I'm told that Patrick McGuiness - speaking at the Inpress group of small publishers AGM - said that when his book The Last Hundred Days came out, it sold 64 copies in the first three months, with no mentions in the press. Once it was on the Booker longlist all the papers that had ignored the book wanted another review copy. His book was also on the Costa shortlist and has now sold 12,000. This is great news for Seren, the small Welsh publisher, and for Inpress. Indeed, the Booker turned up several books from groundling publishers. But wait... the book that sold 64 in three months and 12,000 in the next three is the same book. Unless the critics review such books, and bookshops stock them how are we supposed to know of their existence? So well done Guardian.
Saturday, 10 December 2011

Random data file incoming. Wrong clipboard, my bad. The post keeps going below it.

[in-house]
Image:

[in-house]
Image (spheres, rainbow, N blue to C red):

We were pleased to see the review of our New London Editions' title The Furnished Room by Laura Del-Rivo in today's Guardian. The reviewer, Cathi Unsworth, is one of the younger "London writing" fans and, as it happens, buys socks from Laura's market stall on Portobello Road. I doubt the commissioning editor of the Guardian knew that when she asked Cathi to write the review - this is not sock-gate. Of the reviews in this issue of the paper, twenty were of books from small and large independent publishers, four only were from conglomerates. I'm not sure where to place Cambridge University Press, but I think a score of 4-1 in favour of the indies is good enough. In addition, the lead story in the Guardian Review, on Marilyn Monroe, was by Sarah Churchwell, whose book on Monroe was published by an indie; the "a life in..." profile this time was of Simon Armitage who is mostly published by indies; the poem of the week is from a Carcanet collection. It would be nice of this kind of coverage was reflected in bookshops... anyway, here's the review of Laura's book: http://www.guardian.co.uk/books/2011/dec/06/furnished-room-del-rivo-review.